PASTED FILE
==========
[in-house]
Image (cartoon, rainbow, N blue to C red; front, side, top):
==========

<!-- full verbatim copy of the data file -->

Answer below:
[in-house]
Image (cartoon, rainbow, N blue to C red; front, side, top):